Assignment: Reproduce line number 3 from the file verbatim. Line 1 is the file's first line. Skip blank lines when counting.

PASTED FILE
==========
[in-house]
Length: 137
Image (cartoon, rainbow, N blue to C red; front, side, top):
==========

Image (cartoon, rainbow, N blue to C red; front, side, top):